Biostar Beta. Not for public use.
Rename FASTA files according to FASTA file header
0
Entering edit mode
2.8 years ago
cerulean • 0

In a typical FASTA file, how can the header be used as its filename (i.e., replace the current file name with header ID) ?

I have multiple such FASTA files. I have been scouring the internet to find a simple script that I can use in LINUX to obtain the output, but to no avail. I am not well-versed with programming language or any computational language for that matter, which is why this task is proving to be quite an obstacle for me! Please help!

sequence • 1.3k views
2
Entering edit mode

What does cat *.fasta | grep -e '>' | head -n 10 give you? It would be helpful to see the structure of the sequence headers, in order to provide a proper solution.

0
Entering edit mode

> AAA64362/A/Japan/305+/1957

> AAA64363/A/RI/5-/1957

> AAA64364/A/Japan/305-/1957

...and so on

0
Entering edit mode

Ok, so how do you want the files named according to these headers?

0
Entering edit mode

The full header name as the filename with underscore as separator will be ideal.

0
Entering edit mode

There are no underscores in the header, do you want the slash (/) to be replaced with the underscores?

1
Entering edit mode

I agree, using forward slash in filenames is not the best idea

3
Entering edit mode
8 months ago
VIB, Ghent, Belgium

if you extend it a little you should be safe :

mv seq.fasta $(head -1 seq.fasta | cut -f1 -d ' ' | tr -d '>' ).fasta  This will also take the header up to the first space and if you want to execute it for a bunch of files : for i in *.fasta; do mv$i $(head -1$i | cut -f1 -d ' ' | tr -d '>' ).fasta
done

1
Entering edit mode

I still wouldn't adivse this because that doesn't catch all the potential special characters. You've got to deal with ampersands, pipe symbols, colons, and all sorts of other things. (Which is why I didn't bother extending).

If you know your sequence headers very well, then you might be OK!

1
Entering edit mode

true.

but let's assume people are becoming aware from the fact they should not use any special characters in their fasta header IDs ;-) . OK for the pipe symbol but then just add

 | cut -f1 -d '|'


to it. I think it will nonetheless be much faster/efficient then processing the files with python or other.

0
Entering edit mode

This provides the perfect output! Thanks!

I was able to set the special character as '/'.

0
Entering edit mode

Thanks, this really did it!

Is there an online compendium or some collection of such useful commands using awk, sed, grep etc that will help me become a better bioinformatician? I can of course Google! But any specific suggestion/advice will expedite my search!

2
Entering edit mode

Not really, but I keep a personal list of reminders here https://github.com/jrjhealey/bioinfo-tools

I steal them from around the internet when I spot them.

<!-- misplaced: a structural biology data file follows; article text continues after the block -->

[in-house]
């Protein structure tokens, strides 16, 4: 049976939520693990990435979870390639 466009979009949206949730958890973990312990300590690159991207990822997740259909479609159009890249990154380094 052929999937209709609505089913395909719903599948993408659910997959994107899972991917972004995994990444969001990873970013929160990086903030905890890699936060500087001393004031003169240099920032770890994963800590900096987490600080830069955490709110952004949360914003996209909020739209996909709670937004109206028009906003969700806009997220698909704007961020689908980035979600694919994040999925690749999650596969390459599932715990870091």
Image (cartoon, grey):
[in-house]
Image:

0
Entering edit mode

Thank you so much!!!

0
Entering edit mode

Same here, I use a similar approach as in collecting them in our lab's wiki page as I come across them.

Nice page of useful oneliners jrj.healey , thx.

0
Entering edit mode

You're welcome, though I can't take that much credit as they're mostly if not entirely stolen from others XD

1
Entering edit mode
9 months ago
Joe 12k
United Kingdom

A really easy way to do it would be (for single, not multifastas - unless you want the multifasta named according to the first entry):

mv seq.fasta \$(head -1 seq.fasta).fasta


I wouldn't advise it though, as having the > in the file name can cause issues and any spaces or special characters etc will be a bit of a nightmare.

0
Entering edit mode
8 months ago
Sej Modha 4.2k
Glasgow, UK

A Python3 solution: It assumes that all fasta files are in the present working directory.

#!/usr/bin/env python3
import os
from Bio import SeqIO

pwd=os.getcwd()

#print(pwd)
for file in os.listdir(pwd):
#print(file)
if r'.fa' in file :
#print(file)
myfastalist=list(SeqIO.parse(file,'fasta'))
for record in myfastalist:
#print(outfasta)
outfile=open(outfasta,'w')
outfile.close()

0
Entering edit mode
18 months ago
Anima Mundi ♦ 2.4k
Italy

Hello,

assuming you are working in a UNIX environment, open a terminal window and type nano foo.py

Paste there the following:

for line in open('seq.fasta'):
if '>' in line:

filename = line.replace('\n', '').replace('>','').replace(' ','') + '.fasta'
elif line != '\n':
text_file = open(filename, 'w')
text_file.write(line)
text_file.close()


Press CTRL + O, then CTRL + X

Type pwd in terminal. Copy all your FASTA files and put them in that folder.

Type cat *.fasta >> seq.fasta, and finally (requires Python 2.7) python foo.py

Hope this helps!

0
Entering edit mode
18 months ago
Cambridge, MA

You can use pyfaidx for this:

pip install pyfaidx
faidx -x input.fasta


See here for detailed usage.